Final Fantasy: Mystic Quest, a Thirty Year Reunion

Not everyone is into RPGs. For some, gaming is just that: a game. It’s a simple, effective means to entertain and distract for upwards of hours at a time. You don’t always need to know the backstory for things: candy needs to be crushed, clans need to clash, and crops that feed no one need to be meticulously harvested, otherwise the redhead who runs the café will never want to marry you. JRPGs in particular are hard to approach: if you don’t like fantasy, adventure or magic in any way, you’ll probably stay far the hell away.

Still, back in the 90s, Square knew that people could love the JRPG if they could just give it a chance. “It’s the complexity!” they decided, sitting high atop an ever growing pile of money they were desperate to set on fire. “If we make an RPG that’s dirt simple, people will play it, get interested and eventually want other RPGs too!” Then they probably all went and did shots with OJ Simpson an other notable 90s celebrities. And from that drunken and loveless haze came a rather unfortunate child: Final Fantasy: Mystic Quest.

Benjamin obviously has issues with understanding his own name.

Mystic Quest is a victim to mediocrity: not enough to love to keep it memorable, not enough to hate to keep it infamous. It coasted through stores and into bargain bins without even stopping to refuel. It set back the Western world from enjoying JRPGs and was (probably) a reason why we didn’t see Final Fantasy V until years later. The main character is suggested to be named Benjamin, because why not have the main character end up with the same kind of name as you’d expect as your project relations manager? Yet I hoped, with my playthrough, to confirm that there is still some redemption to this lukewarm bowl of lentils. Success was…exceedingly sparse. 

Before we dissect this owl pellet, let’s remember two things. Firstly, this game was made back in 1992. This is prior to some of the biggest titles on the SNES and long before any of the big, ambitious games that we’d see on PCs and next-gen consoles (though this was after both Final Fantasy IV and Soul Blazer, so the excuse barely holds weight). Secondly, this isn’t even the worst Final Fantasy game anymore. You can thank Squeenix and All The Bravest for shamelessly claiming that title by successfully making an anti-RPG that is also anti-fun. So let’s strap in and see what, if any, redemptive qualities kick around in this triple decade dud.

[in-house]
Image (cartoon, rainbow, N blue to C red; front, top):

Right from the getgo, Final Fantasy: Mystic Quest is setting out to fail. It’s like someone putting vegetable oil in their diesel engine: a ton of misinformation results in utter tragedy. Mystic Quest tells the tale of a young man who is tasked with saving the world. That is what most RPG titles tend to boil down to, but that is literally the entirety of what Mystic Quest is based on. You start off on a mountain  (called the Hill of Destiny) that’s collapsing, an old man says “Look at that tower! We gotta get in there to save the world!” and then he disappears (along with the mountain).

There’s nothing clever or ironic about the formation of the story, it’s just dropping you in with a skeleton of a plot and expecting you to roll with it. When children play “introductory games” like Putt Putt Goes to the Zoo or Chex Quest,  they get to experience the core of what makes their respective genres fun (clicking to solve puzzles and shooting things, respectively). Then, when they develop more mature tastes,  you can take that foundation to build into a great gaming passion. Mystic Quest took the one damn thing RPGs must do well (have a story) and lobotomized it.

I don’t know, Phoebe, maybe our arms? Just an idea.

Additionally, the graphics are hackneyed. Developed by a Japanese team who was told to “make an RPG for the US,” they decided to go ahead and use a lot of recycled graphics and sprites from the Final Fantasy: Legend series (which, in recent re-releases, has thankfully taken back the original SaGa name) on the basis that those games had been made available in the US, and thus would be familiar. The problem is Mystic Quest wasn’t designed for classic fans, but rather new players. And they were using upgraded Gameboy sprites and graphics.